I moved both supers so that I could take a look into the brood chamber, too, as I needed to assess if they had varroa mites, which has been one of the leading causes of colony deaths. And the local Beekeepers' Association had a full out educational thing going on about how everyone could test for the mites by rolling the bees in powdered sugar. The powdered sugar dislodges the mites from the bees, and it has very little impact on the bees themselves, and with in 24 hours, the mites drop off and can be pulled out of the hive with a removable bottom board, which I have.

But that only happens when the bees have mites, and the idea is to put a cup of bees into a glass quart jar, pour powdered sugar on them, and then roll them in it.  Then shake all the sugar out with the mites and then release the bees, ghost white from sugar but still entirely alive and unharmed.  The mites fall off quickly, so you can get a count of them; and I could test how many were in there.


When I got down into the brood boxes and the frames down there, I found that the frames were completely filled with honey and pollen.  They had huge stores in there, and they were all full, too.  So that answered the question of if they'd already put away good stores for the winter...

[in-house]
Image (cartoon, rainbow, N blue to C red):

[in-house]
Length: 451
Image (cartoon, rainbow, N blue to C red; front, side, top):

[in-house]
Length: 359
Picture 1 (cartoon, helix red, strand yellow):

And when I pulled the brood frame out, I shook bees into a glass jar and tested them for mites.  There wasn't a single dead mite.  And on the bottom board, I had only seen one mite all summer.  The usual level where you want to control the mites is if there's more than 2 mites per hundred bees.  To have absolutely none of them in the hive at all meant that the girls were doing great at avoiding infestation.

It was an unexpectedly good result to the test.  I was really expecting there to be some, and there just weren't any. And the chemical treatments that are commonly used are detrimental to the hive, if you think about it, it makes sense, as you're basically trying to kill a smaller bug riding on a bigger bug without harming the bigger bug too much, and it's a tricky thing to kill one without killing the other.

However... since the powdered sugar serves to a) loosen mites if there are any, b) have the girls clean the mites off each other if there are any with the powdered sugar coating, c) powdered sugar is something they can just eat and has no adverse affects on the bees themselves, and d) it's cheap and easy to apply: I decided to just go ahead an apply the stuff.

Then I put the supers back on, closed it all up and went and sat in the kitchen trying to figure out what to do next.  Most beekeepers at this time of year just have three responsibilities, get the supers off the hive and collect the honey, treat for mites if that's necessary, and make sure that the bees will have enough stores for the winter.